The Power of Small: Nano Hits the Big Time

Richard Denison, Ph.D., is a Senior Scientist.

Or at least the small screen.  Coming to your local PBS station this month is a three-part series on nanotechnology called The Power of Small.  The segments cover three facets of the much-needed social debate about nanotechnology:  privacy issues (e.g., nano-enabled tracking devices), ethical issues (focusing on the potential to greatly extend human life expectancy), and, of course, the environmental risks and applications.

I urge you to tune in.  The series’ website has a station locator that can tell you where it’s playing and when (unfortunately, each station decides whether and when to show it).  Or you can watch the whole series in bite-sized pieces online on the series’ website itself.

I’m telling you all this not only because I’m featured in the environment segment (along with fellow nanobloggers Andrew Maynard and Kristen Kulinowski and many others), but because I think the series does a fabulous job in airing the complex social, ethical, and environmental questions society needs to address – the earlier the better – in pursuing such a transformative set of technologies.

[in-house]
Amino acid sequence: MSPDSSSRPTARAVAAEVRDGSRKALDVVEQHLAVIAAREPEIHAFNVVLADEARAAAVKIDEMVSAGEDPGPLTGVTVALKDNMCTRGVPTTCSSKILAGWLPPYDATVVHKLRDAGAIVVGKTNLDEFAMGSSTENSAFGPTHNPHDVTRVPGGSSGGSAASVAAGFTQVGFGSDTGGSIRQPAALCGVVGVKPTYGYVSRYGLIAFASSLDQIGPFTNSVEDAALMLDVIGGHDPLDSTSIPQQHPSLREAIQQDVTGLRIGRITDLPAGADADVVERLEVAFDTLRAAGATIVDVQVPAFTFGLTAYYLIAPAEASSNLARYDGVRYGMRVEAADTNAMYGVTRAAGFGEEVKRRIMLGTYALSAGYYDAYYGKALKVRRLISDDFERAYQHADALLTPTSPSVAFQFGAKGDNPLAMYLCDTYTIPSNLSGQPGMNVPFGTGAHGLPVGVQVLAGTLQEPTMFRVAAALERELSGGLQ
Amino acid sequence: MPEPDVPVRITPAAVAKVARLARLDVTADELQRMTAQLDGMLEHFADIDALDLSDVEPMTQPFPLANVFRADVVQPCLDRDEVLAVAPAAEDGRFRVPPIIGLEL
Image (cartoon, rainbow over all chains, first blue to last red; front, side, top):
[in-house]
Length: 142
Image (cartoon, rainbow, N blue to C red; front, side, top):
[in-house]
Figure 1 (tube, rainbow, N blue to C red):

The Power of Small is the latest installment of the Fred Friendly Seminars series.  For you younger folks, no, Fred Friendly is not a kids’ cartoon character.  In the 1950s, together with Edward R. Murrow, Friendly was among the first in journalism to take on Senator Joseph McCarthy and was a staunch advocate for a strong press and unfettered public access to information.  George Clooney famously brought Friendly (and that dark era) back to life by starring as him in the excellent 2005 film, Good Night, and Good Luck (which Clooney also directed and co-wrote).

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